Thoughts turn to tangy treats
I recently had a good discovery in our jam store – a jar of marmalade.
Our store has gone through various guises and locations over the years and in the latest move, the organisation was perhaps not quite as thorough as it might have been, so it all got a bit muddled. So when I was searching for a jar of apple jelly, I found a prized pot of marmalade, which I thought we had run out of months before.
With marmalade in mind, and our cupboard now bare, with that last jar finished over the Christmas break, I decided it was time to make some.
And it’s the time of year when, by tradition, the thoughts of some turn to making marmalade as it is easier to get hold of the right oranges. If you don’t think like that, then this year might be a good one to start, as the harvest for Seville oranges was above average this year, according to reports.
Seville oranges are used, rather than their sweeter cousins, because they have a deeper, bittersweet flavour, and a higher content of pectin, which aids setting.
We are lucky where we live, as we have access to a weekly market, where the fruit and veg stall has many of the in-season products, so it was great to see a good supply of Seville oranges.
With my product bag packed with 14 oranges, I headed home to see what recipe to follow to make my orange treat that is a part of a traditional breakfast.
I have no doubt there are plenty of options to be found online and it is always worth exploring to find a recipe that appeals the most but having been making jam for some years from the same book, I took a look in that first – and there were two to choose from.
The book I was using was Jams, Pickles & Chutneys, by Bridget Jones (no, not that one) and was published in 1983, so it could be classed as a vintage edition now.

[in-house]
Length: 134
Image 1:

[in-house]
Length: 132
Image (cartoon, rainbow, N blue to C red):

As it happened, they both required 2lbs of fruit, and as it happened that was the weight of seven oranges, so I had just the right amount to make both.
One had a touch of spice, as it included cloves and cinnamon sticks, and the other had a touch more lemon juice in it but the preparation was a bit different.
For the spiced marmalade, the whole fruit was boiled in a pan for two hours or so, with the cinnamon and cloves and then chopped up to go in the finished product, so most of the fruit will be consumed.
With the other one, the rind was peeled and then chopped to go loose in the pan with the water, while the rest of the fruit was juiced, then chopped, placed in a muslin bag and boiled up with the rest of the liquor. Afterwards, the pulp was disposed of (on the compost heap) and in both cases, sugar was added to the liquid and boiled until it reached setting point (which is where the pectin comes in useful).
Of course, it does require large amounts of sugar to make the preserve and, given the choice, I like to use Silver Spoon sugar as it is made from sugar beet, grown on farms, which are mainly on the eastern side of England. Being grown and processed in this country, it hasn't travelled great distances around the world and it helps to support British farmers.
As a result of a busy Saturday morning in the kitchen, the cupboard is no longer bare, when it comes to marmalade. Altogether, we had 12 jars ready to store, and following our recycling ethos, they varied in size from old jars that have formerly stored mayonnaise, pesto, honey and olives but once they are cleaned of their labels and sterilised with boiling water, they were ready to be used again.
So now we are ready to enjoy the tangy taste of marmalade on a slice of toast, made from homemade bread (but more on that another day).
Of course, if you don’t feel inclined or have the wherewithal to make marmalade, it is widely available to buy in many shops – but I do like the homemade variety in the eclectic range of jars that we have.
But whichever way you decide to go, enjoy your breakfast.